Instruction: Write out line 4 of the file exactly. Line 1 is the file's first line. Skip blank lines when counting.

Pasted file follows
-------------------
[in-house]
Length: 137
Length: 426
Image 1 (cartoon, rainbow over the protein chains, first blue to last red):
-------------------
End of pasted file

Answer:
Image 1 (cartoon, rainbow over the protein chains, first blue to last red):